Network operators are usually keen to underline the importance of the grid – to both them and to their consumers – but survey by Western Power of regional consumers has shown that an overwhelming majority are either very keen or are open to the idea of cutting the line altogether.
Only one fifth of those surveyed wanted to retain their poles-and-wire attachment to the centralised network.
The survey was undertaken by Western Power because it has identified 500 regional and remote customers where it could provide a stand-alone power station – renewable energy and battery storage – at around half the cost of the current network connection.
This is a particularly crucial issue for Western Power – and other networks in Australia – because of the massive cross subsidies involved in providing a service for remote consumers whose only connection may be at the end of extremely long and expensive “thin wires”.
That service is a legacy of the “connect everything” policy of the 1960s. But new technologies – specifically the plunging cost of solar and now battery storage – is offering new opportunities.
Western Power earlier this month revealed a new “modular approach” to the grid that would see them “snip the lines” for some consumers, create micro grids with thin connections to the others, and keep the remainder on the main network.
But it says is unable to do that because reguluation requires the network operator to maintain that physical connection.
Even though it could cost half as much to service with a stand alone power system, the networks are not allowed to pursue that avenue, unless they throw it open to competition and create a new business of their own.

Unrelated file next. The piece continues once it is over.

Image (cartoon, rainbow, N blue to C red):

There is also a dark area about whether a network operator can be a “generator” which is what it would be if it installed solar and storage on individual properties instead of just transmitting generation through a wire.
Western Power is now working on an application to change and clarify the rules, with the help of KPMG. It is arguing that it will need to make investment decisions on these 500 customers in the next couple of years, and while poles and wires was a good idea for the 1960s, it is not a good idea to replace like for like.
Jai Thomas, says that standalone power system are more reliable than long feeders, and reduce bush fire risk.
“These are small opportunities on our network, but the benefits can be reasonably large, not just for the customers but also for overall pricing and to limit cross subsidies.”
Thomas said that of the survey, 40 per cent were keen to cut the wires, and 40 per cent were moderately open to the idea of having poles and wires removed. Many farmers didn’t like having the physical assets on their property.
Only 20 per cent of customer interview were closed to the idea, often for historic family reasons (their parents or forebears helped build the lines).
This desire to leave the grid and remove poles and wires is nearly the opposite of what is assumed to be the case in metropolitan areas, where the networks are keen to underpin the importance of the grid.
However, a couple of reports led by CSIRO have suggested that if networks don’t get the pricing right, then up to one third of consumers could take matters into their own hands and leave the grid.
Disconnecting is not something that people expect,” Bloomberg New Energy Finance analyst Kobad Bhavnagri said on Thursday.
“But if you irratate them so much and make them pay the same amount even though they think they are using it only one third as much (because of their solar and storage), then you will get irrational responses.”